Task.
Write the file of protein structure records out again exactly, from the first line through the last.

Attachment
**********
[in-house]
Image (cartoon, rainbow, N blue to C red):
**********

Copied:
[in-house]
Image (cartoon, rainbow, N blue to C red):